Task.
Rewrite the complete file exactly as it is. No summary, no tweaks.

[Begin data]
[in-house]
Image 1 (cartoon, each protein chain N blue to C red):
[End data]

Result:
[in-house]
Image 1 (cartoon, each protein chain N blue to C red):